The baby antelope tried to resist the lion’s death claws but unfortunately its head was already in the lion’s jaw


This lioness is lucky to find 2 baby impalas. The second lamb tries to fight the lioness. Can the poor impala escape her grasp? This heartbreaking sighting played out on the H4-1, near Skukuza, in the Kruger National Park.

44-Year-old safari guide David Pusey from Leo Vantage Private Guided Safaris was fortunate to witness this sighting and shared the story with

“During impala lambing season many predators take advantage of the abundance of impala babies as a food source. In their first few days after being born, lambs rely predominantly on hiding, since they are not fast enough to evade predators, yet.”

“This lioness, near the H12 bridge in the Kruger National Park, couldn’t believe her luck when she stumbled across 2 lambs that hadn’t hidden away well enough. They became easy targets when they moved toward her. The second lamb put up a brave fight, and even managed a few well-placed kicks to the lioness’ face.”

“We could see that the lioness was hunting. We believe she was denning at the time, which we suspect made her more active during the day since she had cubs to feed. We followed her for a while, and then she spotted the impala lambs. We knew there was a good chance she might catch one because they were only a few days old.”

“It’s always difficult and emotional to watch young animals being caught… However, the lioness also has to survive and look after her offspring. Once she had caught both lambs, she stashed them under a bush to feed in peace.”

“It was an extremely rare sighting. This is the first time I have seen a lioness catch 2 lambs at the same time. I have seen them catching many single lambs before, but usually, the other lambs have enough time to escape.”

“If you are in Kruger during impala lambing season, be prepared for scenes like these. Predators take advantage of the easy food source.”

An emotional video captures the tenacious battle of a wildebeest with not one but two adult lionesses despite having been put in a disadvantageous situation before.

The video was filmed in the Okavango Delta, Botswana (South Africa), opening with the scene of an antelope of the wildebeest family being knocked down by a lion, only able to lie on the ground waiting to die.

However, to the surprise of tourists, the antelope thought that death was certain, suddenly strongly protested and used its curved horns as a weapon to make the lion run away.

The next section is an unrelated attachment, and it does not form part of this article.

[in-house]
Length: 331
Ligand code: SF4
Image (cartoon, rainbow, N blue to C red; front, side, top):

As strong as it was, the antelope could not escape because its legs were badly damaged after the struggle. With wobbly steps, it tried to crawl away, but then collapsed again.

Knowing that their prey can’t do miracles, the lions wait patiently, then rush back with the intention of delivering the finishing blow.


However, the wildebeest still showed its strong will to survive, repelling all attacks. It was determined not to fall under the lion’s clutches.

Sandro Geyser, a tourist who witnessed the scene and also filmed the video, exclaimed in amazement: “The antelope doesn’t really care that it can’t move. It just doesn’t want to. It is a strong will to survive, and it is determined not to give up even if it has to fight with many enemies.”

This person also admitted that this was one of the saddest scenes he had ever witnessed in his life. Apparently the antelope would not survive. If the lions can’t get the job done, the hyenas, wild dogs, jaguars… and countless other predators on this savannah will gladly take their place.

But it is admirable when we witness the fighting spirit of “never give up” of one of the gentlest animals on the planet.

When they returned the next morning, Geyser and his friends did not find any remains.

Most likely the antelope was eaten by the lions. However, it is not excluded that it has successfully escaped to another area.

The wildebeest (scientific name: Hippotragus equinus) is a species of mammal in the family Bovidae, in the order Artiodactyla, found mainly in Africa.

The wildebeest is one of the largest antelope species. They are approximately 1.9-2.4 meters long from head to tail. The body weight of the male can be up to 300 kg, which is heavier than a male lion.

Their appearance is quite characteristic, with short, erect manes, and textured faces as if they are wearing a mask. Their horns curve slightly backwards and are extremely strong. Males can have horns up to 1m long.

Possessing a flexible neck and long horns, they can look back to make the enemy falter, without having to lose too much mobility like most antelope and buffalo species.

It is also for this reason that the wildebeest can be assessed as the antelope species with the highest ability to survive when confronting ferocious predators.

However, the narrowing of the habitat has caused the number of wildebeest in protected areas in South Africa to continuously decrease, with the current population being less than a few hundred.

Researchers and conservationists believe that more hunting and isolation by lions has led to a decline in the number of adult wildebeest. Some studies add another reason, that the animals are susceptible to diseases like anthrax.


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